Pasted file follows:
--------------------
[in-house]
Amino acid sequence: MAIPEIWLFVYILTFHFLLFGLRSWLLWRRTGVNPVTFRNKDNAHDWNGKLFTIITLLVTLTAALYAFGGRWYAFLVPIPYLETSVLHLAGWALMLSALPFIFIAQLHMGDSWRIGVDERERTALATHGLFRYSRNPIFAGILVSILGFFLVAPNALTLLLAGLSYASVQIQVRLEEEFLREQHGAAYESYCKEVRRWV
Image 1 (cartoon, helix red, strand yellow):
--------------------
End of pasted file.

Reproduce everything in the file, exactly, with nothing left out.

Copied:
[in-house]
Amino acid sequence: MAIPEIWLFVYILTFHFLLFGLRSWLLWRRTGVNPVTFRNKDNAHDWNGKLFTIITLLVTLTAALYAFGGRWYAFLVPIPYLETSVLHLAGWALMLSALPFIFIAQLHMGDSWRIGVDERERTALATHGLFRYSRNPIFAGILVSILGFFLVAPNALTLLLAGLSYASVQIQVRLEEEFLREQHGAAYESYCKEVRRWV
Image 1 (cartoon, helix red, strand yellow):